The frenzied ascent of gold and silver values in the world's commodity markets has continued to spur a dramatic increase in the thefts of precious metals from affluent suburban Washington home owners, police officials said yesterday.

In Fairfax County alone last week, roughly $200,000 in silver and gold, thousand dollars, was stolen in 30 burglaries.

In one case, a wealthy McLean couple returned to their home in the 7800 block of Lewinsville Road to discover the front door of their house had been forced open.

"They were real sick about it," said a police investigator. "Someone had stolen several antique silver sets and coins valued at roughly $78,000, as well as a few fur coats for good measure. They were better off than most. It was all insured."

"They the [burglars] are apparently reading the financial pages of the newspapers," said Fairfax police spokesman Warren R. Carmichael. "The floodgates have opened."

Carmichael added that major silver thefts "of $5,000 and higher are occurring almost on a daily basis" in the county as New York Commodity Exchange values for an ounce of gold ($702 yesterday) and silver ($36.20) have risen sharply from prices of $472.50 and $23.40 recorded Dec. 20.

"It has definitely become a crime of choice," said Fairfax Prosecutor Robert F. Horan.

The increase in precious metal thefts has most seriously affected Fairfax and Arlington County. Although precise Arlington County figures were unavailable, Deputy Chief Len Holsclaw of the major crimes division said an "increase of precious metal thefts by unsophisticated burglars" has been with us for the past several months.

"The burglars apparently realize that a few pieces of metal can be worth as much as a 50-pound television set," Holsclaw said. "And even a plumber could melt the stuff down. Then it is impossible to identify."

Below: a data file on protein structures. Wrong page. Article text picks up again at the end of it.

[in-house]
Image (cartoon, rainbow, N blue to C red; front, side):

Prince William County authorities said they were averaging "no more than one precious metal theft a month" and Fairfax City officials said they have not had a silver theft "since the spring of 1979." Alexandria and Falls Church investigators said there have been no significant increases in silver and gold burglaries.

But in Fairfax County, "to say that we are being inundated" by the '70 reported precious metal thefts since Jam. 3 "is putting it real mild," according to police burglary specialist Sgt. Gerald Crosby.

"The thefts mainly involve silver and largely occur in Groveton along the Fort Hunt Road corridor, and the affluent sections of McLean, Annandale and West Springfield. During one period in late 1979, we were averaging almost $100,000 in stolen metals every three days," Crosby said.

From 1975 to the spring of 1979, precious metal thefts in the area largely were the work of "a small, elite and organized group of criminals who specialized in gold, silver and jewelry," according to Crosby.

"Now you have common neighborhood thieves ripping off everything from antiques to sterling silver candlesticks, jewelry, flatware . . . all the way down to high school class rings," Crosby said.

There have been 20 arrests of precious metal burglars in Fairfax County since December, Crosby said.

Attempts to recover the stolen goods have been hampered by the fact that local investors seldom keep precise descriptions or photographs of the gold and silver they own.

"So many times we'll have a victim trying to describe a stolen article off the top of his head and it just doesn't work," Crosby said. Crosby also said the number of precious metal "fences," the buyers of stolen property, has increased the conduits by which the precious metals are routed out of the county.

The most recent case involving an elleged fence for stolen silver involves the owners of the Richmond Highway Coin and Stamp Center. In a Fairfax County case that was sent to the grand jury last week, Center owners robert McIntyre and Eugene Hall were accused in court testimony of being "one of several conduits for selling precious metals stolen from area homes."

Randall Harvey Riddle, a sell-professed 27-year-old Fairfax County burglar, testified last week that he sold silver "from at least nine county burglaries" to Hall and McIntyre, and was paid approximately $3,500 for the stolen goods.

Holsclaw suggested that majority of the area's stolen silver remains in Northern Virginia.

"Once it goes past the first fencing operation," Holsclaw said, "it becomes high-dollar, white-collar crime. They have to sell it where the money is, to high-class clientele and suburban Washington fits that requirement."